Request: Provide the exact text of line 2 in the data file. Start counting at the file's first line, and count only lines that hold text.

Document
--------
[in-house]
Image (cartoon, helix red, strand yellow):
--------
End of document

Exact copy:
Image (cartoon, helix red, strand yellow):